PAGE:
“I see this as a premature dream,” Nelisse says when I ask her what her interpretation was. “When you kind of know something is going to happen, you daydream about it or your instincts just kick in. It could be Shauna’s inner feeling of what’s to come, that Jackie is dying. This is probably the last thing she sees before she dies. and also what Shauna would like for everyone to say: “We love you Jackie and everything will be fine.” Sorry you are watching yellow jackets— and nothing will be good. These girls are in for a ride. We haven’t left the forest yet. at all.”

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Emma Stefansky is a culture and entertainment writer based in New York City. Her work can be found on Vanity Fair, GQ and The Daily Beast, among others.


Brandon Sklenar will play Atlas



Photo illustration: Vulture. Photo: Getty Images

V It ends with us the coloring book may have met an early end, but It ends with us the film is just beginning. Extreme reports What yellowstone prequel 1923 star Brandon Sklenar will play Atlas in the adaptation of Colleen Hoover’s hit book from BookTok. That means a central love triangle is now in place, as Hoover confirmed earlier in the year that Blake Lively and Justin Baldoni would play lead couple Lily and Ryle, whose romance turns into domestic violence. “I think Justin Baldoni and Blake Lively have what it takes to bring these characters to life and I can’t wait for you guys to see it come to fruition,” Hoover said on Instagram. video announcing the news. “I will do my best to steal as many shots from you as possible without getting kicked off the set. I’m so excited, all of you.”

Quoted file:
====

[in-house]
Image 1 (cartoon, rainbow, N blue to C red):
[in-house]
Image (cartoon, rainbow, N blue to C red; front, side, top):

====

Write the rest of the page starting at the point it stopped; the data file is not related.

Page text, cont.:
By the deadline, I don’t agree with this screenwriter Christy Hall is adapting the script for the screen. Meanwhile, Baldoni has a triple duty: in addition to casting and directing, he will also be an executive producer alongside Lively and Hoover. V It ends with us The film is currently in development with Wayfarer Studios and Sony Pictures. According to Hoover, the original book is “kind of inspired” by her mom, who “got us out of a scary situation” when she was little. Accordingly, Hoover returned to her childhood home to film her casting announcement. “The little girl who used to sleep in this bedroom thanks you for all the support,” she said.

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Ana de Armas prepared for “a couple of months” before filming the stunts for “Ghost” with Chris Evans.